When announcing his seventh full-length solo studio album, “Rebellion Rises,” Ziggy Marley said, “The rebellion begins in the mind, the melody and the music. We are a conduit of that. The rebellion is consciousness. Now the consciousness starts spreading, we become aware and we rise.”
Marley reveals what he means by “consciousness” most clearly on the last track, which is also called “Rebellion Rises.” I ask him about it over the phone, and his explanation is practically a poem, a love letter to humanity:
“The song is about the movement for the better side of humanity. That’s what it really is about. This rebellion is not something that is against anything. It is for something. We have been seeing sometimes the best part of humanity, but mostly, if we check the media and what we are mostly bombarded with—in terms of visual and news and culture—we still have the negative things about humanity. We see wars. We see division. We see political strife.
I feel like there’s a part of humanity that exists that needs to rise up and show itself more, so that the better side of humanity can be seen and can give other human beings hope that this world can be a better place if we stand up for it.
I know the majority of people on earth are loving people who want to live in peace with each other, who do not necessarily want to follow the ideologies of negativity, division, war and separatism. So, if we can rebel and show our true self to the world, then more hope and more progress for a better existence can—will, not can, will be achieved. This is what the rebellion is about.
A lot of people feel like no matter what we do, we always feel like we’re in this hole and we can’t dig ourselves out of it, but we know we can. You believe it. I believe it. I know I can. I know we will.”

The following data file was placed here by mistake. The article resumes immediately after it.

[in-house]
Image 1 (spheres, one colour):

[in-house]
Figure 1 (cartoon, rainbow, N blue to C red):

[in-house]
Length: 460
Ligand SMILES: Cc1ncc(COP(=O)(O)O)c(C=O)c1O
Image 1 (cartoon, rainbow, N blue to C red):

While much of the world is focused on rebellion and resistance in the political sense, Marley’s message is much bigger. It’s immense. And, yet—he manages to capture it all in a simple unstaged moment between him and his sons on the beach on the album cover.
“That’s my son, Isaiah, and my other son in there, Gideon,” Marley explains. “The album cover, it wasn’t planned. I was on the beach one day exercising and he took off his clothes and my daughter took that photo, Judah.”
Once he saw it, he knew he wanted it to be the album artwork. Without fully knowing the meaning yet, he asked his wife if he could use the family photo. Now, he tries to put it into words:
“There’s a child—a naked child. The naked child represents the naked truth. Are we willing or are we scared of ourselves? Are we scared of our nakedness, our truth; the truth of humanity? Are we scared of love? Are we scared to be compassionate? Is the anger and the violence that we use just a shield to protect ourselves from being vulnerable, from being naked? So, the child represents that naked truth. Me, as the adult, represents the generation that has the child’s hand. This is our generation that needs to lead the child into that truth of love.”
It shows humanism as a rebellious act and gives a raw portrait of Ziggy Marley quietly participating.
“I think humility is my best correction,” he says. “I’m very conscious of staying in that human place and not thinking about, or acting or interacting with people in any way that would make it seem like I think of myself as better than someone else because of the position I am in, or who I am or what my name is. I’m consciously adjusting my behavior to remain equal with every other person on the planet.”
I got a chance to talk to Ziggy Marley about his new album, “Rebellion Rises,” fresh after its release this month.
He tells us about staying humble and what the “rebellion” is about: uplifting the good in humanity.